FinCEN wants investment advisers to implement risk-based AML/CFT programs

This escalation in regulatory requirements signifies an increasing demand for third-party services that simplify compliance with AML/CFT and regulatory reporting.

U.S. regulators have once again amplified the regulatory complexity for the financial services industry, this time focusing on investment advisers.

The U.S. Department of the Treasury’s Financial Crimes Enforcement Network (FinCEN) has proposed a new rule aimed at preventing the misuse of the U.S. financial system by criminals and foreign adversaries through investment advisers. This move is part of a broader effort to enhance the transparency of the financial system, particularly targeting the risks associated with anonymous companies and all-cash real estate transactions.

Investment advisers to be classified as “financial institutions” under the BSA

The proposed rule mandates certain investment advisers to incorporate Anti-Money Laundering and Countering the Financing of Terrorism (AML/CFT) protocols as per the Bank Secrecy Act (BSA). This includes establishing risk-based AML/CFT programs, reporting suspicious activities to FinCEN, and adhering to specific recordkeeping requirements. The initiative underscores the uneven application of AML/CFT requirements across the sector, which currently enables both legitimate and illicit investors to seek advisers less stringent about the origins of their wealth.

With this regulatory update, investment advisers will join the list of entities classified as “financial institutions” under the BSA, thereby subjecting them to a set of comprehensive AML/CFT and reporting obligations. This regulation extends to advisers registered with or reporting to the Securities and Exchange Commission (SEC) as exempt reporting advisers.

Increased demand for RegTech firms

This escalation in regulatory requirements signifies an increasing demand for third-party services that simplify compliance with AML/CFT and regulatory reporting.

The complexity and scope of these new obligations pose significant challenges for investment advisers, particularly in maintaining compliance while managing operational efficiencies. Third-party service providers, specializing in regulatory technology (RegTech), are poised to play a crucial role in enabling the financial services industry to navigate these complexities more efficiently.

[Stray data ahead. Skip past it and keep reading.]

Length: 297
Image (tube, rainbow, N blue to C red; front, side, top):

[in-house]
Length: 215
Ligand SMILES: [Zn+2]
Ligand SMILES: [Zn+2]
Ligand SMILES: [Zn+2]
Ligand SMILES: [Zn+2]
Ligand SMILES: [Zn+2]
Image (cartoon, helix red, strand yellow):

These providers offer solutions that streamline the implementation of compliance programs, automate reporting processes, and ensure adherence to evolving regulatory standards, thereby mitigating the burden on financial institutions and safeguarding the integrity of the U.S. financial system.

“Investment advisers are important gatekeepers to the American economy”

Andrea Gacki, Director of FinCEN, said: “Investment advisers are important gatekeepers to the American economy, overseeing the investment of tens of trillions of dollars. The current patchwork of AML/CFT requirements creates regulatory gaps that criminals and foreign adversaries exploit to launder money, hide illicit wealth, and compromise American innovation. This proposed rule would level the regulatory playing field, protect U.S. economic and national security, and safeguard American businesses.”

Additionally, the Treasury has released a risk assessment of the investment adviser sector, highlighting the potential threats and vulnerabilities to illicit finance, especially the issue of “shopping around” for advisers with less stringent inquiries into sources of wealth.

Moreover, the rule proposes enhanced information-sharing among FinCEN, law enforcement, government agencies, and certain financial institutions, alongside special measures under Section 311 of the USA PATRIOT Act. It also suggests delegating examination authority to the SEC, leveraging its regulatory expertise in the sector.